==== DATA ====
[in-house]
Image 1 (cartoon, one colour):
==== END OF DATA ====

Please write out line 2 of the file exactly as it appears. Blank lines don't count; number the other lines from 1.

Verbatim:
Image 1 (cartoon, one colour):